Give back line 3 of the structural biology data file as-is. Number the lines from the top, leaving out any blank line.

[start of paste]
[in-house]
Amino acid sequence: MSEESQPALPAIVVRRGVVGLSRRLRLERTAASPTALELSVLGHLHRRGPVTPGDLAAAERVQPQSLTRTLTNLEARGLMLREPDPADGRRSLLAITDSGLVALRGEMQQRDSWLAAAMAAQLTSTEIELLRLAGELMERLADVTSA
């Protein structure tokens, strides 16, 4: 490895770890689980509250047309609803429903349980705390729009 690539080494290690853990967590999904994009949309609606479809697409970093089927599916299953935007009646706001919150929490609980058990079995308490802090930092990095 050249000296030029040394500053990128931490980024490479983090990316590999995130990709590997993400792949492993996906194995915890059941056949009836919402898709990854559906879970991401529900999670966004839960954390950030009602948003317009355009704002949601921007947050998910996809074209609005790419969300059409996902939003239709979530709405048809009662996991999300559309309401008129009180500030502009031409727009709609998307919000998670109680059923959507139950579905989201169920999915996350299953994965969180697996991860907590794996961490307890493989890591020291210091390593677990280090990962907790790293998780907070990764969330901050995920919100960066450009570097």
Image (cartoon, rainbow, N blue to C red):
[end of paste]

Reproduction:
């Protein structure tokens, strides 16, 4: 490895770890689980509250047309609803429903349980705390729009 690539080494290690853990967590999904994009949309609606479809697409970093089927599916299953935007009646706001919150929490609980058990079995308490802090930092990095 050249000296030029040394500053990128931490980024490479983090990316590999995130990709590997993400792949492993996906194995915890059941056949009836919402898709990854559906879970991401529900999670966004839960954390950030009602948003317009355009704002949601921007947050998910996809074209609005790419969300059409996902939003239709979530709405048809009662996991999300559309309401008129009180500030502009031409727009709609998307919000998670109680059923959507139950579905989201169920999915996350299953994965969180697996991860907590794996961490307890493989890591020291210091390593677990280090990962907790790293998780907070990764969330901050995920919100960066450009570097």